>and Mommy, but when our oldest daughter was about 7, she started calling
>my wife "Imma," I think because that's what her friends called their
>mothers. And our younger kids followed her lead. But they never called
>me "Abba" for some reason. Perhaps because my wife always spoke Hebrew
>to our kids, and I always spoke English to them.
>      Mike Gerver,       Raanana, Israel

My kids refer to us as Abba and Mommy.  My wife said she calls her
mother Ema and choses this for herself but wasn't bothered by the fact
that both her father and I are referred to as Abba by her, though now
she refers to her father as Saba.  When I was growing up we called our
parents Mom and Dad or some variation.  As for the Daddy/Ema phenomenon,
maybe because Mommy and Ema use bilabials so there isn't much of shift
from Ima to Mommy, as opposed to the bilabiial Abba and the interdental


From: Chaim Tatel <chaimyt@...>
Date: Fri, 16 Dec 2005 11:40:55 -0800 (PST)
Subject: Re: Father and Mother as Called by Children

A few years ago, I had major tendinitis problems in my hands due to
repetitive stress injuries from the computer. I had to wear heavy metal
braces on both hands and wrists. My daughters called me "RoboPop."

My grandkids call me either "Zaidie" or "Z-D" (Zeedie).

By the way, after two chasunahs and a few grandchildren, I've decided to
change my name to "ATM."

From: Sam Gamoran <SGamoran@...>
Date: Fri, 16 Dec 2005 15:31:46 +0200
Subject: Re: Father and Mother as Called by Children

Our children (who spoke English as a first language at home despite
living in Israel since birth or toddler hood) call us "Mommy" and

Our grandchildren (who speak Hebrew at home, English with us next door
and Spanish with their other grandparents down the street) have an Ima
and an Aba, a grandpa and a grandma (us) and a saba and savta down the
street.  They also have a bubbie (my mother-in-law is their great
grandmother) and a bubbeh and a zaideh (their maternal line great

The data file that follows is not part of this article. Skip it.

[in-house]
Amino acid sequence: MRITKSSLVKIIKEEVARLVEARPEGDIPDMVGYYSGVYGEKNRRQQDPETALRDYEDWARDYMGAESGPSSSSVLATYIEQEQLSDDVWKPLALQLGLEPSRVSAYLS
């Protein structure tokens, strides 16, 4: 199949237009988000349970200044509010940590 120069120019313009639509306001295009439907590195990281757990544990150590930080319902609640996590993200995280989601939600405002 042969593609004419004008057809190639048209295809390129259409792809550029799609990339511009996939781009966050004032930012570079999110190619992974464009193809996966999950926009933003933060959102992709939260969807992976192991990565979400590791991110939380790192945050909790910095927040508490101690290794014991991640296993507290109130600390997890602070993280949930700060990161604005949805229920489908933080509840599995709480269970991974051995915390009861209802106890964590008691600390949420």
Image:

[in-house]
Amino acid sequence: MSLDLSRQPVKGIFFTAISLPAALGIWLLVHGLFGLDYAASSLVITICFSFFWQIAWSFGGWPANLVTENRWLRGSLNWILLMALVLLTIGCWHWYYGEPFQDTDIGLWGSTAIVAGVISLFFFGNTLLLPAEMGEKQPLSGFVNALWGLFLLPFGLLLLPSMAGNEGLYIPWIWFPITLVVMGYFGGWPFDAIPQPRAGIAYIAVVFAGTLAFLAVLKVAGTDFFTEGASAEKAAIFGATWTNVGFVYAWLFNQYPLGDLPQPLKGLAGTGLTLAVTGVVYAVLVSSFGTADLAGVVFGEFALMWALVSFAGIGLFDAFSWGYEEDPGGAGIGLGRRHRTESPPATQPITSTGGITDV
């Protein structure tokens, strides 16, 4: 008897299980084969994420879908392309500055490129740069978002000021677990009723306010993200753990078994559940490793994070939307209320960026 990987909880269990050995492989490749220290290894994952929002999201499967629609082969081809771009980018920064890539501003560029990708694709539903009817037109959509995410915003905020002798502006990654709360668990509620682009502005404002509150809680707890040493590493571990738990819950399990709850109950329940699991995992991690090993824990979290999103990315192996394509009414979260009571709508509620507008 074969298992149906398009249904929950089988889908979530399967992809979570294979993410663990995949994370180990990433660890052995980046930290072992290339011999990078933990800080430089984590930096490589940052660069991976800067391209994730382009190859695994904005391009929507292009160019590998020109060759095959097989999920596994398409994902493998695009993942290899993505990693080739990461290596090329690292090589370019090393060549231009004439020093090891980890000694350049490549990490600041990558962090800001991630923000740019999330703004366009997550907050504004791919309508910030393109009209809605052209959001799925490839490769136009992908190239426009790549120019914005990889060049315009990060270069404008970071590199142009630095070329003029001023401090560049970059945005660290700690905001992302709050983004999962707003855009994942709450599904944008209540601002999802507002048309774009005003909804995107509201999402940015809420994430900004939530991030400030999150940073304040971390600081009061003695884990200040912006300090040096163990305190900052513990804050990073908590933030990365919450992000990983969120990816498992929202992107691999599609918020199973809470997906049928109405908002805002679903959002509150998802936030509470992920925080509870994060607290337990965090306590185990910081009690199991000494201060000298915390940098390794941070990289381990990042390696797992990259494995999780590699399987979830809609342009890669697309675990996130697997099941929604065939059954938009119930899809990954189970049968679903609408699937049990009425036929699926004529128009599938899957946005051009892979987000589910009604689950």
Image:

grandparents also down the street.)

There is also another set of great grandparents and a great-great
grandmother from their mother's side who do not live in Hashmonaim and
I'm not not sure what they call them.

Sam Gamoran


From: Tzvi Stein <Tzvi.Stein@...>
Date: Sun, 18 Dec 2005 21:03:22 -0500
Subject: Re: "Minor" Holiday

From: Irwin E. Weiss <irwin@...>
>Tzvi Stein writes to observe that Chanukah is irritatingly characterized
>as a minor holiday.  (Vol 50 #56).  I guess it depends on what one means
>by a "minor holiday".  It is a holiday upon which we may work, unlike
>some holidays.  We can cook, unlike some holidays. 

Can't we cook on *all* holidays?!


From: Aliza Berger <alizadov@...>
Date: Sat, 17 Dec 2005 17:44:43 +0200
Subject: Names for Parents

Thanks to everyone who answered, both on and off the list. There were a
total of 17 responses, 18 including my post.

Some people didn't say what country they were in, so I can't really say
anything about Israel vs. outside of Israel.

The results of languages:
Aba/Ima - 3, but I'm sure many people use this who didn't write in. 
Aba/Mommy 7 + someone who reported that 2 sets of grandchildren use it.
Daddy/Ima 1
Two people reported that their relative(s) use Totty/Mommy.

A few people noted that they know quite a few cases of Aba/Mommy